A reception and tours will follow the event. Department representatives will be available to explain to visitors the use of these highly customized academic areas.
Scheduled speakers at the ceremony include Sen. James Seward, Assemblywoman Barbara Lifton, School of Professional Studies Dean John Cottone, Communications Disorders and Sciences Department Chair Regina Grantham and Kinesiology Department Chair Philip Buckenmeyer. Faculty representatives from the two other academic areas housed by the buildings will attend.
The 20,000-square foot, two-story Professional Studies Building, which encompasses an $11 million new building as well as the complete renovation of the 43,000-square foot, one-story former Studio West, features a brick-and-metal, contemporary-looking façade.
The new building occupies the existing parking area and part of the lawn on the east side of the former Studio West.
The project completion has allowed for the consolidation of all the School of Professional Studies academic departments into one complex, with the exception of the Health Department, which elected to remain in the Moffett Center, and the Physical Education Department, which has remained in Park Center. In March, the President’s Cabinet officially renamed both structures comprising the facility the Professional Studies Building.
“The College’s commitment for the addition and renovation of Studio West reinforces the transformation and identity of the building as the home of the School of Professional Studies,” Cottone said.
The new building’s first floor features an 8,000-square-foot clinic for the Communication Disorders and Sciences Department, which had been housed in the McDonald Building on Tompkins Street. The clinic includes an audiology chamber, observation and therapy rooms, a library and a resource area. A small, dedicated parking area offers convenient access to clients from the community.
The Recreation, Parks and Leisure Studies Department moved into the new facility from its current location in the Park Center. The department has an outdoor education laboratory, a play teaching area and academic equipment staging and storage areas on the first floor.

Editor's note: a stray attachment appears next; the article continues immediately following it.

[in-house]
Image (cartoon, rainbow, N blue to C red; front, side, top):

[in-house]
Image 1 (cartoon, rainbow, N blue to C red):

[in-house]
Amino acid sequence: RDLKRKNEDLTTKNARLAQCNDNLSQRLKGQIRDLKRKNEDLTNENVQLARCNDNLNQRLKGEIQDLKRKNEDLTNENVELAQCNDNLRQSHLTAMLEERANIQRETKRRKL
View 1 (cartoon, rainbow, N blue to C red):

The second floor, which occupies 7,000 square feet, houses 23 offices and the two department offices for Communication Disorders and Sciences as well as Recreation, Parks and Leisure Studies.
The renovated building contains the School of Professional Studies dean’s suite, the Sport Management Department, 21 offices and a special events room. The existing state-of-the-art sports technology labs underwent minor alterations.
The Center for Obesity Research and Education, with its laboratory, testing room, library and resource area, is situated in a 2,000 square foot area in the middle of the building. A new motor behavior testing laboratory and computer lab have replaced those located in the Park Center and are adjacent to the existing biomechanics lab, which underwent minor upgrades.
The Kinesiology Department, with 18 offices, is located near the west end of the renovated building.
“Our vision and priority to focus on academic excellence has been realized through the improvement in functional space that is complemented by state-of-the-art instructional resources,” Cottone noted. “This new environment will present the faculty and staff with the opportunities to advance student learning and success.”
The new building construction began in mid-November 2009, while renovation of the former Studio West facility began in March 2010. Both the new facility and the renovation were completed in time for the start of the Spring 2011 semester.